My incantation is clean. Enough the usurper, the thief. We banked the tampons, the extra-strong deodorant. We drank the perfume. We covered our hair with cotton cloth. There was no more space. Just the dark bush before me growing darker, disappearing. A symphony of cicadas to mark the way. Join me. No eye teeth, no rusted knob. No more champagne. Pear-assed and perfect, I am your wet dream, my voice stolen; my violence intact.
Poet and essayist, Rachel Neve-Midbar’s collection Salaam of Birds won the 2018 Patricia Bibby First Book Award and was published by Tebot Bach in 2020. She is also the author of the chapbook, What the Light Reveals (Tebot Bach, 2014, winner of The Clockwork Prize). Rachel’s work has appeared in Blackbird, Prairie Schooner, Grist and Georgia Reviewas well as other publications and anthologies. Her awards include the Crab Orchard Review Richard Peterson Prize, the Passenger Poetry Prize and nominations for The Pushcart Prize. Rachel is a current PhD candidate at The University of Southern California where her research concerns menstruation in contemporary poetry. She is also editor of Stained: an anthology of writing about menstruation for the AuntFlo2020 Project. More at rachelnevemidbar.com
Lucky 7: an Ekphrastic Marathon
Try something intense and unusual- an ekphrastic marathon, celebrating seven years of The Ekphrastic Review
Join us on July 17, 2022 for our craziest challenge yet!
It’s an ekphrastic marathon! With amazing guest judges, Meg Pokrass for flash, and Brent Terry for poetry.
Write to fourteen different prompts, poetry or flash fiction, in thirty minute drafts.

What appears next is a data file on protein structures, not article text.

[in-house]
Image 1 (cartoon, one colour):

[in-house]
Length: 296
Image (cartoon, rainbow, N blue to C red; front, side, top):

We will gather in a specially created Facebook page for prompts, to chat with each other, and support each other.
Time zone or date conflicts? No problem. Page will stay open for one week. Participate when you can. The honour system is in effect- thirty minute drafts per prompt, fourteen prompts. Participants can do the seven hour marathon or two sessions of 3.5 hours.
Polish and edit your best pieces later, then submit five to our Lucky 7 e-chapbook.
One poem and one flash will win $100 each.
Thank you to our flash judge Meg Pokrass for the marathon technique.
Marathon: July 17, 2022 10 am to 6 pm EST (including breaks)
(For those who can’t make it during those times, any hours that work for you are fine. For those who can’t join us on July 17, catch up within one week.)
Story and poetry deadline: July 31, 2022
Up to five works of poetry or flash fiction or a mix, works started during marathon and polished later. 500 words max- include a brief bio, 75 words or less
Chapbook e-anthology selections and winning entries announced sometime in September.
We are delighted to have guest judges Meg Pokrass and Brent Terry.
Meg Pokrass is the queen of microfiction, with nearly (or over?) a thousand journal credits. Her flash is widely anthologized in both small press publications and Norton’s. She is the founder of the Best Microfiction Anthology series and the New Flash Fiction Review. She has been a guest judge for many flash contests, at Mslexia and Fractured Lit. Meg is also well known for her microfiction workshops and creativity prompts. She is the author of The House of Grana Padano (with Jeff Friedman), The Loss Detectors, Spinning to Mars, and many more.
Brent Terry is an award-winning writer and a runner who teaches at Easter Connecticut State University. He won the Connecticut Poetry Prize and was nominated for the PEN Faulkner Award for fiction. He is the author of The Body Electric, Troubadour Logic, and 21st Century Autoimmune Blues, among others. He is an accomplished Spoken Word artist. He loves Dr. Pepper.